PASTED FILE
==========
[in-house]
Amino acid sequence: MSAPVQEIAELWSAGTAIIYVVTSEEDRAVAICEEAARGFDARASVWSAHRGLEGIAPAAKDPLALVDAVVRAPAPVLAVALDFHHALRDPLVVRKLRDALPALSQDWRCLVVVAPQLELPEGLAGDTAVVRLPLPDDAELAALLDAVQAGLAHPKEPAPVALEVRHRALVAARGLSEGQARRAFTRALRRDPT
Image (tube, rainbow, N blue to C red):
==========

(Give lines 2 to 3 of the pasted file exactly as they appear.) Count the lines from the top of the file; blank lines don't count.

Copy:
Amino acid sequence: MSAPVQEIAELWSAGTAIIYVVTSEEDRAVAICEEAARGFDARASVWSAHRGLEGIAPAAKDPLALVDAVVRAPAPVLAVALDFHHALRDPLVVRKLRDALPALSQDWRCLVVVAPQLELPEGLAGDTAVVRLPLPDDAELAALLDAVQAGLAHPKEPAPVALEVRHRALVAARGLSEGQARRAFTRALRRDPT
Image (tube, rainbow, N blue to C red):